Scientists are stereotypically reputed to be cold-blooded maniacs, conducting insane experiments in secret labs and working for morally dubious institutions. Pop culture tends to portray scientists as wickedly smart but very awkward in social situations, but these stereotypes aren’t always accurate.
No matter what your impressions of scientists are, here is a compilation of some simple science experiments you can perform with household items.
Homemade lava lamp
Materials: One clean plastic 16 oz soda bottle with cap, vegetable oil, one Alka-Seltzer tablet, food colouring of your choice, and water.
- Fill the plastic bottle 75 per cent full with vegetable oil.
- Add water up to the neck of the bottle, leaving a little space between the water line and the brim of the bottle.
- Add droplets of food colouring into the bottle until a bright colour is achieved.
- Break the Alka-Seltzer tablet into small pieces and add one piece at a time.
- You can tip, twist, or shake the bottle for more action!
Alka-Seltzer is an antacid commonly used to relieve an upset stomach, with a chemical composition of basic sodium bicarbonate and acidic citric acid. The carbon dioxide bubbles you observe in the lava lamp are the result of an acid-base reaction. When dissolved, sodium bicarbonate and citric acids collide and react to produce carbon dioxide.
Oil and water also do not mix well and have clear separations because oil is hydrophobic, or ‘water fearing.’ The long carbon fatty acid chains in oil do not react with water molecules, resulting in the separations we see during oil spills.
Making a pasta rocket engine
Materials: Tube-shaped pasta that can stand up on its own, active dry yeast, mason jar, hydrogen peroxide, and a lighter.
- Drill a small hole through the mason jar cap.
- Fill up the mason jar two-thirds full with hydrogen peroxide solution.
- Add a quarter teaspoon of yeast into the jar and mix gently.
- Put the punctured lid on and place your pasta over the hole, without screwing it in.
- Light the top of the pasta with a lighter.
According to Newton’s third law of motion, any force exerted will result in an equal and opposite force in return. For a rocket to launch, it requires a tremendous amount of hot gases forced out of the back via combustion. The pasta engine in this experiment demonstrates the fuel burning process and energy release that mimic the combustion in real rockets, but does not take off with this setup.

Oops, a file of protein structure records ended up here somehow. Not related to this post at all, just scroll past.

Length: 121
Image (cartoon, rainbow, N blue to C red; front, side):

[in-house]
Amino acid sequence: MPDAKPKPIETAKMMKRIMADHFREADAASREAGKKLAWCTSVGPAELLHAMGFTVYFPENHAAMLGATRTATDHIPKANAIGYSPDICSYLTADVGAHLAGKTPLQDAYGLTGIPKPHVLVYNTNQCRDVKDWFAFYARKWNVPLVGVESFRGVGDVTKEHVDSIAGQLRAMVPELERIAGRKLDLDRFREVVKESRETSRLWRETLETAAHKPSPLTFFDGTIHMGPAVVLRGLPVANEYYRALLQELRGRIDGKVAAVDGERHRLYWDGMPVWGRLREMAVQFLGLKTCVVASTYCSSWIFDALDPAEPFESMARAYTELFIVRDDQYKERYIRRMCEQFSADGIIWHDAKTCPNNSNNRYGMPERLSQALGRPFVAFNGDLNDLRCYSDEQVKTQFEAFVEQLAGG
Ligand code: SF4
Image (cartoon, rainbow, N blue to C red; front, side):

The pasta rocket is a model of hybrid rockets that burns a solid fuel, like the hydrocarbon in pasta, in the presence of a liquid oxidizer. The interaction of yeast with hydrogen peroxide solution generates oxygen gases. The advantage of such a rocket design for real space missions is that the presence of a liquid oxidizer allows more precise control of flow at a low cost, and it is easy to maneuver and manage simultaneously. For this experiment, the design allows us to turn off the flame without the risk of explosion.
Materials: Tonic water with quinine, ice cube tray, working freezer, and ultraviolet black light.
- Dilute a bottle of tonic water with a beverage you enjoy.
- Pour the contents into an ice cube tray and freeze it.
- Shine a UV light on the ice whenever you want the glowing effect.
The key ingredient to produce the glow-in-the-dark effect is the quinine in the tonic water. Quinine first absorbs the invisible ultraviolet light then emits it again in a visible wavelength, which is the underlying mechanism for fluorescence. The emission of light comes from the excited object reverting to an unexcited state. Quinine is derived from tree bark and has been used for treating malaria from the parasite Plasmodium falciparum for centuries. This pathogen causes malaria by getting into red blood cells. Quinine either kills the parasite or prevents it from growing endogenously in the body.
While science often seems restrictive and closed off, these experiments show that science can be made accessible to all. Creativity and curiosity are natural feelings we have, and science can be an avenue to fuel them!